“I wanted to do something to protect the deer, which is the symbol of Nara,” he said.
The bags are made from rice bran and milk cartons.
In July 2019, however, a local welfare group said nine deer had been found dead, with plastic bags in their stomachs, and called on visitors not to throw away plastic bags in the park.
Matsukawa wanted to come up with a different solution to the problem, and teamed up with a local paper manufacturer and a design firm to work on the project.
These plastic bags were pulled from the stomach of a dead deer.
Between them they developed “Shikagami,” or deer paper, which is made from rice bran and milk cartons.
“We learned rice bran are mostly wasted in the process of rice polishing,” said Matsukawa. “So this paper helps to reduce that waste as well.”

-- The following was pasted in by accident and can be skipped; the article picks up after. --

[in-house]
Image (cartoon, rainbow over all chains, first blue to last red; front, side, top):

Matsukawa has had the bags tested and says they are safe for human consumption.
“We do not have the data to back up that this paper is not harmful to deers, but I believe this is safe for them as well as for human beings,” he said, laughing.
The bags have since been tested at local banks and the Todaiji temple, Nara’s main tourist attraction. The temple and banks bought 4,000-5,000 of the bags for 100 yen (around 95 cents) each as part of the pilot project.
The price will fall if more businesses sign up to use the bags, said Matsukawa, who dreams of replacing plastic bags across the city to prevent more deer from dying after eating them.
“The news about the death of deer by plastic bags creates a negative image, as though the park is a cemetery for deer,” he said. “The paper bags can protect deer, as well as the brand image of Nara with deer.”
Just 45 minutes from Kyoto by train, Nara is a popular destination for visitors to Japan.